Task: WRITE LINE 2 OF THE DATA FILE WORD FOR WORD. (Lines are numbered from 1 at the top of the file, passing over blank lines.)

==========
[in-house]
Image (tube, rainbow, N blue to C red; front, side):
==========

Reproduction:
Image (tube, rainbow, N blue to C red; front, side):